The Chinese in Philippine Life, 1850-1898
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290pp. January 2001
The Chinese in Philippine Life, 1850-1898
Author: Wickberg, Edgar;
The development of overseas Chinese communities, economically powerful, socially and culturally resistant to assimilation, and tied in many ways to China, has been a significant phenomenon in the modern history of Asia. During the half century from 1850 to 1898, the Chinese population in the Philippines increased drastically from 5,000 to perhaps 100,000, and penetrated every part of the archipelago. Liberalized Spanish immigration laws and their own superior business methods enabled the Chinese to profit from the development of an export crop economy, which involved the exchange of Philippine raw products for foreign manufactured goods, and caused a shift in the emphasis of Chinese enterprise--from small-scale retailing to a virtual monopoly of raw material collection and import distribution. Their increased economic power gave impetus to an anti-Chinese campaign in the latter years of the century, and the Philippine Chinese, for the first time, developed community institutions to resist assimilation and turned to China for aid.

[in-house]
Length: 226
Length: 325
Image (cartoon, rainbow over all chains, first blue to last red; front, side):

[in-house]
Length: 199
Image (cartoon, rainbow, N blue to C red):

Distributed for Ateneo de Manila University Press
Author: Wickberg, Edgar;
Edgar Wickberg is professor emeritus of history, University of British Columbia.



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